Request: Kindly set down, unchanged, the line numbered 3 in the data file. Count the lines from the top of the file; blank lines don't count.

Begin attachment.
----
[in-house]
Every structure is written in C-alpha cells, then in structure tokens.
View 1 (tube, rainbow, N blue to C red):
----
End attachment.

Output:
View 1 (tube, rainbow, N blue to C red):